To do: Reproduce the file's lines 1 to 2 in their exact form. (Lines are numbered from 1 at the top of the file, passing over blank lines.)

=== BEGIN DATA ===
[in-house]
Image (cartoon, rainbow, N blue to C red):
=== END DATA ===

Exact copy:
[in-house]
Image (cartoon, rainbow, N blue to C red):